Sunday, 29 November 2015

ISIS, The West, and Chronological Snobbery

In the wake of the Paris bombing the west is looking for a suitable response to such despicable violence.  The USA, France, and now Russia are engaged in bombing raids in Syria,  Australia and Canada have withdrawn, and the UK is moving towards a vote on whether to join in with such action. Several British politicians seem to be adopting an all too familiar stance when addressing issues to do with Islamic extremist; that of chronological snobbery. 

Essentially the view is that we in the west have developed in our culture to a point beyond that of Muslim majority nations. We, it seems, are civilised. We have become more cultured and now, through our democracies, have brought freedom to millions.

Now, whilst I both fully support democracy (at least the representative version we tend to have) and am always ready to criticise any system of belief that limits an individual's freedom, I am not completely convinced that we are as civilised as we would hope to believe.

The popular view is that the 'other' is uncivilised because they use different abattoir techniques or they dispense punishment in ways that we find objectionable or limit the freedoms of some sections of society because of gender, race, or sexuality. I wonder whether there is another way of looking at this.

It could be said that, rather than the West being free from violence, cruelty, and the mistreatment of animals, we have simply outsourced such endeavours. In English speaking countries we have linguistic ways of creating this distance between us and activities that we might find uncomfortable. 

An animal may be called a pig in the field, but by the time it reaches our plates it has been advertised as pork. In a similar way the cow becomes beef and the lovable 'Bambi' becomes venison. 

We have done similar linguistic gymnastics with the outsourcing of our warfare. Civilian children killed in war become 'collateral damage', and we distance our armed forces personnel from direct warfare by employing drones to kill our enemies in a style not dissimilar from the average computer game.

In light of this perhaps we are fooling ourselves by suggesting that we are more civilised than other nations. The USA might be rightly appalled at the sight of a 'criminal' being beheaded by a middle-eastern nation, but is this any less of a violent act than injecting a convict with a lethal mixture of drugs. Some would suggest that the former is likely to be quicker, and therefore more humane, than the latter.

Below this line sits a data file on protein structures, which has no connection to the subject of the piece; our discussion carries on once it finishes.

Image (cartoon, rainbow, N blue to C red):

Now, I am against all forms of capital punishment but I think the point is made that every tribe tends to describe its own activities in ways that appear more palatable, whilst using more pejorative terms for the actions of the 'other'.

There has been a long history of such methods. After the second world war the allies rightly took Nazi Germany to task for what were considered to be war crime.s. A particular focus was made upon the atrocities that took place in the concentration camps. What is not often mentioned is that some of these camps were remarkably similar to methods used by the British in South Africa during the nineteenth century.

Hence we see that the idea of being 'civilised' is something of a social construct that allows us to feel revulsion at the actions of others whilst minimising the horror that we may have inflicted.

So when we come to look at ISIS we can rightly denounce their activities as shameful acts of violence. If, however, we fail to see that some of our own 'outsourced' acts of aggression could equally be seen as shameful, we fool ourselves in to a false sense of security. 

Evil and violence are not the marks of any single nation. They are the worst representations of human behaviour and unfortunately they happen everywhere on this planet. 

Alan Molineaux's book 'Sea and Islands' is available by emailing

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